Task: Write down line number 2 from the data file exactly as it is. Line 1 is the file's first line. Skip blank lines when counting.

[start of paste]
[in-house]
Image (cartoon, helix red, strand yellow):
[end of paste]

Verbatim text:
Image (cartoon, helix red, strand yellow):